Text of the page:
This is my third Jason Mraz concert. And I will tell you that, besides the incredible music, the best thing about his live performances is his banter in-between songs.  He is quick-witted, funny, and a smart story teller.  He understands how to be philosophical without being preachy.

Mraz introduced his opening band, thanked his audience for their support and choosing to spend a night with him instead of in their beds.

Mraz’s opening act/partners, Raining Jane, were the perfect addition to his special, stripped down, instrumental show.  After Raining Jane sang three of their own songs, Mraz joined them on stage for a magical collaboration.  These girls were no background singers.  In fact, they stood by Mraz’s side during the entire show.  Raining Jane gave Mraz the unique flair he was hoping for in order to keep each concert tour fresh.  The band only heightened the Grammy winner’s voice, by actually letting us clearly hear all his beautiful lyrics.

Though the show primarily featured songs from YES!, including the hit single, “Love Someone,” Mraz also played many old favorites, including “Remedy” and “I’m Yours.”

I love going to concerts, and seeing a singer that can get me dancing up out of my seat is of course great.  But, watching an artist truly hold an audience for nearly 2 ½ hours solely on their voice is the reason I love listening to live music.  Jason Mraz never disappoints, and this latest performance at Dallas’ Winspear Opera House is hands down Mraz’s best concert tour yet.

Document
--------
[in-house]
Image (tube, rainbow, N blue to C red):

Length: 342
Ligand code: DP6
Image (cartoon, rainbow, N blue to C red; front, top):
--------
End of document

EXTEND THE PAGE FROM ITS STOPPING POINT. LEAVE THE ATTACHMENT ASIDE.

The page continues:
Back to School! Top 5 Teachers from Film

School starts back up this Monday, and I’m sure a lot teachers and students are dreading the early mornings and the long hours of class.  So in hopes of making people a little less upset that summer break is over,  I thought I’d pick my top 5 favorite teachers from film, and remind ourselves how much EVERY teacher can impact our lives.

5. Dewey Finn- School of Rock

“I have been touched by your kids… and I’m pretty sure that I’ve touched them.”

Low on cash; Dewey Finn poses as his brother so that he may substitute teach at a very posh school.  He ends up teaching his students about classic rock and roll, and turning them into his own miniature rock band.  If there is one thing I love, it’s someone who’s excited about what they do.  Dewey isn’t the best academic teacher.  But when it comes to teaching these students about music, he instills a passion in them that they never knew they had.

4. Sharon Norbury- Mean Girls

“You all have got to stop calling each other sluts and whores. It just makes it ok for guys to call you sluts and whores.”